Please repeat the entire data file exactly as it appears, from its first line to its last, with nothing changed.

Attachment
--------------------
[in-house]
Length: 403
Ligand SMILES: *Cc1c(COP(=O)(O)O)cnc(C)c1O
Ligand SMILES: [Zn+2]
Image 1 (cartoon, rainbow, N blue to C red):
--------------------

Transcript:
[in-house]
Length: 403
Ligand SMILES: *Cc1c(COP(=O)(O)O)cnc(C)c1O
Ligand SMILES: [Zn+2]
Image 1 (cartoon, rainbow, N blue to C red):